Flagler County unemployment rate drops to record low of 2.6%
Flagler County’s unemployment rate in April fell to 2.6%, the lowest level ever recorded in Florida Department of Economic Opportunity figures dating back to 1990. The county’s labor force and the number of people employed employment are also at record highs.
The county’s unemployment rate fell from 13.7% two years ago and from 3.9% at the start of the year. Before the pandemic, Flagler’s unemployment had hit a low of 3.4% in December 2019 and 3.2% in February 2020, the month the Covid virus began to spread rapidly in the country. In the two previous recorded booms, Flagler’s unemployment rate had fallen to a low of 3.6% in December 2005, at the height of the housing boom, before beginning to rise the following year. During the boom of the late 1990s, the county’s unemployment rate hit 2.7% in September 1999 (when 486 people were unemployed), the lowest rate on record so far.
April’s lower rate was achieved despite a slight increase in the labor force, which also broke a new record. Flagler’s workforce is now 49,199, beating the previous record, set last October, of 49,000. The labor force indicates several economic factors – the willingness of people who had dropped out of the labor force to join it, the attractiveness of the county to people of working age and the continued increase in the county’s population. Although the increase in population has been undeniable in recent years, it has been heavily skewed in favor of older retirees.
Thus, between school-aged children and retirees in the county, the labor force represents only about 40% of the total population. But it is larger by some 1,300 workers, compared to a year ago.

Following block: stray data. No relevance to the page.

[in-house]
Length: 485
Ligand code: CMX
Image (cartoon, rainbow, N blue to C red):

The number of unemployed residents in Flagler fell to 1,278 in April, down 70 from the previous month and more than 1,000 from a year ago. County-level figures from the Department of Economic Opportunity are not seasonally adjusted. A total of 47,921 people were employed in April, also a record. Job holders do not necessarily work at Flagler. The figure represents Flagler County residents who are employed, whether employment is in the county, surrounding counties, or telecommuting work. The figure does not distinguish between full-time and part-time work. A person is registered as employed when he registers an hour of work in the period surveyed.
A decade ago, Flagler struggled month after month with the grim distinction of having the highest unemployment rate in the state. Today, despite the strong showing, he’s still only in 17th place on Putnam’s 3.6% unemployment rate. Only nine counties have unemployment rates of 3% or higher, and seven have unemployment rates below 2%, including St. Johns, with 1.7%. Monroe has the lowest rate: 1.5%.
Florida’s unemployment rate fell to 3% in April, with 321,000 Floridians out of work and looking for work. The figure is somewhat misleading. The state has one of the most draconian unemployment systems, if participants apply for unemployment compensation. They must follow strict rules, prove that they are looking for a job or become ineligible for compensation. Those who are removed from the lists no longer count as unemployed, even if they are unemployed.
As such, the state’s official unemployment rate understates those who are underemployed or have dropped out of the labor force. The federal government’s Alternative Unemployment Rate represents these workers and puts Florida’s unemployment and underemployment rate at 7.6%. The country’s alternative rate is currently 8.4%.
Speaking in West Palm Beach today, Governor Ron DeSantis took credit for the state’s healthy economy and said the state’s reserves stood at $20 billion. dollars, not to mention the help from the federal government. The claim, however, is slightly misleading, reflecting a game of accounting shells, as this aid was used in various parts of the budget in place of state dollars, allowing those dollars to be counted as reserves. The governor spoke today from a Retro Fitness gym in West Palm Beach. A Governor’s press release states, “Retro Fitness has relocated to West Palm Beach from New York and New Jersey in order to continue operating and opening gyms in the face of unprecedented lockdowns during the pandemic.”
In fact, Retro Fitness continues to operate numerous locations in New York and New Jersey, and is only expanding south. Last year, it moved its headquarters to West Palm Beach as a “strategic move for the brand in the midst of its 15th anniversary, prompted by Retro Fitness’ continued national growth and expansion,” according to a statement from the company at the time.
See the full unemployment report here.